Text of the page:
Wake up and smell the herbs!
Herbs are one of the quickest and healthiest ways to impart flavor to any dish. They release their fresh flavor when cooked in a dish and then help to reinforce that flavor when added to a dish.
Don’t be afraid to use herbs during cooking or as a way to finish any dish, and if you have any herbs left over, here is a great tip that I also share in my cookbook, Lidia’s Family Table. It will allow you to keep your herbs fresh and usable all year long.
—Divide the fresh herbs in an ice cube trays with deep cubicles.
—Pour cold water to cover the herbs and put in the freezer to freeze.
—The herbs and their flavors will remain embedded in the ice and great for plopping into any drink, or perking up any sauce or soup!
—You now have cubed your herbs for year round use!
To keep these herb “rocks” fresh all year long, seal them in a plastic storage bag and keep them in the freezer.
Lidia Matticchio Bastianich was born in Pola, Istria, on the northeastern coast of the Adriatic Sea. She is a cookbook author, restaurateur, and TV chef extraordinaire. Watch Lidia’s Italy Saturdays at 1:30pm on WGBH 2 or Sundays at 4pm on WGBX 44."
You're hungry! You just don’t feel like cooking — but you love pasta, right? Although the pasta in this recipe does have to be cooked, the pesto sauce does not!
Most of you know the traditional basil pesto: a paste of basil leaves, extra virgin olive oil, pine nuts, salt, and garlic. Make it in the blender, and voilà! The pesto is ready! But don’t stop there. That’s not enough. Let me give you another one of my favorites — pesto alla anna — which I recently learned about in Sicily and featured in my cookbook, Lidia’s Italy.
About ¾ pound sweet cherry tomatoes
12 fresh basil leaves
2 plump peeled garlic cloves
1/3 cup of whole toasted almonds
A pinch of salt
A pinch of peperoncino
Half a cup or more of extra virgin oil
In a blender, drop in all ingredients.
Blend until it’s nice and smooth.
Toss this fresh and delicious pesto with cooked and drained spaghetti.
While still hot, add some pasta cooking water if it’s too dry and finish with grated cheese.
Lidia Matticchio Bastianich was born in Pola, Istria, on the northeastern coast of the Adriatic Sea. She is a cookbook author, restaurateur, and TV chef extraordinaire. Watch Lidia’s Italy Saturdays at 1:30pm on WGBH 2 or Sundays at 4pm on WGBX 44.
Why would anyone in New England eat a strawberry in February? I wait all year for strawberries. I know the season is brief, but I eat my fill. I bake pies and tarts. I make jam. I eat them out of hand. I make ice cream. I freeze them. It’s one of the season’s greatest gifts. There’s nothing like a tart, or this wonderful recipe for Strawberries Jupiter, made with ruby-red strawberries still warm from the sun, just bursting with sweet juice!
1-1/2 quarts fresh strawberries
1/4 to 1/2 cup sugar
1 10-ounce package frozen raspberries
1 tablespoon orange liqueur
1 teaspoon lemon juice
Chopped pistachio nuts
Fresh mint sprigs
Wash and hull the strawberries and dry them on paper towels. Slice the berries, cover with sugar, and chill for several hours. Purée the raspberries in the blender and strain them to remove the seeds. Add the orange liqueur and lemon juice and chill. Just before serving, ladle over the strawberries and garnish with pistachio nuts and sprigs of mint.
Annie B. Copps is a senior editor at Yankee Magazine. Annie oversees the magazine’s food coverage, both as an editor and as a contributor of feature stories and columns.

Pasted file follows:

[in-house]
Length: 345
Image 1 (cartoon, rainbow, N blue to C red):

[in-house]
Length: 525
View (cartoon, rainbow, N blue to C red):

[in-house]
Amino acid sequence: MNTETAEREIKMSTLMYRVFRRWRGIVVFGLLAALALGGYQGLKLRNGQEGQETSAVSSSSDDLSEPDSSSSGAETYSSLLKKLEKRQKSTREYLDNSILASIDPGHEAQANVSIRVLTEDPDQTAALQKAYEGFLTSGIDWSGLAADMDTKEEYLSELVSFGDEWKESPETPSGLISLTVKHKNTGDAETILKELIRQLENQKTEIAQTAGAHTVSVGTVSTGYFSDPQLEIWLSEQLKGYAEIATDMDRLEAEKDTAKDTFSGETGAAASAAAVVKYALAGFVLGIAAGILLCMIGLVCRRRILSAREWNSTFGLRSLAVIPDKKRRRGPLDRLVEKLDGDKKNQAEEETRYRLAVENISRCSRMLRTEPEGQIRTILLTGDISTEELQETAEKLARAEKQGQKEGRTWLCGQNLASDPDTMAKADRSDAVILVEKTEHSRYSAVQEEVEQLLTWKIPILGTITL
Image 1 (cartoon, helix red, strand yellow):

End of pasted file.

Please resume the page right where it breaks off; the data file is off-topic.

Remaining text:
If you’re like most people, your first encounter with hoisin sauce involved the Chinese dish mu shu pork, in which the sauce serves as a dipper for meat- enclosed pancakes. Today I bring you the flavor of hoisin along with one of my favorite finger foods- WINGS.
2 red onions, rough chopped
2 cups whole San Marzano tomatoes (canned or super ripe)
1 tablespoon sambal
1 cup hoisin sauce
1 cup naturally brewed rice vinegar
3 pounds chicken wings, washed, dried
Kosher salt and freshly ground black pepper to taste
Jicama sticks, for serving
In a sauce pan coated lightly with oil over medium-high heat, saute onions for about 2 minutes. Add tomatoes, sambal, hoisin and naturally brewed rice vinegar. Bring to a simmer and cook for about 10 minutes. Add kosher salt and freshly ground black pepper to taste.
Using an immersion blender, buzz sauce and check seasoning. Season wings with salt and toss wings in sauce. Marinate as long as you can, up to 24 hours, ideally.
Preheat oven to 475 degrees standard or 450 degrees convection.
Line a rimmed sheet pan with foil and place wings in a single layer in pan. Bake wings for 10-12 minutes or until cooked through and crispy. You could also grill these wings. Serve with jicama sticks.
Rocca delle Macie Chianti Classico
—Chianti Classico DOCG, Tuscany, Italy
Taste: Rich, well-structured, berry fruit flavors, pairs exceptionally with the Turkey-Tomato Loaf and Michela Larsen’s Hoisin-Glazed Salmon with Heirloom Tomato Salad.
Aroma: Intense, mature fruit aromas
—Denominazione di Origine Controllata e Guarantita, or “controlled and guaranteed designation of origin,” an Italian wine classification for wines with more strict regulations than DOCs, including a specific bottle size, lower allowed yield, required tasting checks and in-depth chemical analyses.
—95% Sangiovese, 5% Merlot
—Produced with grapes from estates situated in the heart of the historical zone of Chianti Classico
Ming Tsai is the host and executive producer of public television series Simply Ming.
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David Blessing's Short Rib Tacos
Chris Coombs Cider Braised Duck Leg
Jose Duarte's Lobster Causa
Jeff Fournier's Cherry Tomato Puttanesca
Rich Garcia's Trash Fish Minestrone
Will Gilson's Smoked Bluefish
Will Gilson's Stuffies
Deborah Hughes & Mary-Catherine Deibel's Red Pepper Soup
Frank McClelland's Pot-au-Feu of Poussin
Brendan Pelley's Seared Scallops
Robert Sisca's Monkfish